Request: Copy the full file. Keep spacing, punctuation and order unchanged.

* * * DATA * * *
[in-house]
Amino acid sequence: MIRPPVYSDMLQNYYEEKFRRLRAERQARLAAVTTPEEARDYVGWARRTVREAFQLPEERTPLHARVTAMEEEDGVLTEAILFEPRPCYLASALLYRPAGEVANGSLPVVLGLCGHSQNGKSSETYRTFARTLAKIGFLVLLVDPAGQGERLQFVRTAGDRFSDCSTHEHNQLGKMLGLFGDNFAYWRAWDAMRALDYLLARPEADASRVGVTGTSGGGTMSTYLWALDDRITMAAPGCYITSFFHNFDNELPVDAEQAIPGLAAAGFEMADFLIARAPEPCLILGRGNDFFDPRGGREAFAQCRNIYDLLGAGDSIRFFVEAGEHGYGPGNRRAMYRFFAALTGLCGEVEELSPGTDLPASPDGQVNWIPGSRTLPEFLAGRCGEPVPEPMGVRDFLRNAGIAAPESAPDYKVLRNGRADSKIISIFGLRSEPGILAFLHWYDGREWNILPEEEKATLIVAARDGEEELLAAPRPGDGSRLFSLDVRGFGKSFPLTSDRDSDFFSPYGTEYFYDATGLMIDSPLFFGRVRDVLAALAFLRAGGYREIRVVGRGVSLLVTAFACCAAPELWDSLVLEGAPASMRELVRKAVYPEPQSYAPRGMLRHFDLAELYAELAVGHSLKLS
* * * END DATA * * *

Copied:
[in-house]
Amino acid sequence: MIRPPVYSDMLQNYYEEKFRRLRAERQARLAAVTTPEEARDYVGWARRTVREAFQLPEERTPLHARVTAMEEEDGVLTEAILFEPRPCYLASALLYRPAGEVANGSLPVVLGLCGHSQNGKSSETYRTFARTLAKIGFLVLLVDPAGQGERLQFVRTAGDRFSDCSTHEHNQLGKMLGLFGDNFAYWRAWDAMRALDYLLARPEADASRVGVTGTSGGGTMSTYLWALDDRITMAAPGCYITSFFHNFDNELPVDAEQAIPGLAAAGFEMADFLIARAPEPCLILGRGNDFFDPRGGREAFAQCRNIYDLLGAGDSIRFFVEAGEHGYGPGNRRAMYRFFAALTGLCGEVEELSPGTDLPASPDGQVNWIPGSRTLPEFLAGRCGEPVPEPMGVRDFLRNAGIAAPESAPDYKVLRNGRADSKIISIFGLRSEPGILAFLHWYDGREWNILPEEEKATLIVAARDGEEELLAAPRPGDGSRLFSLDVRGFGKSFPLTSDRDSDFFSPYGTEYFYDATGLMIDSPLFFGRVRDVLAALAFLRAGGYREIRVVGRGVSLLVTAFACCAAPELWDSLVLEGAPASMRELVRKAVYPEPQSYAPRGMLRHFDLAELYAELAVGHSLKLS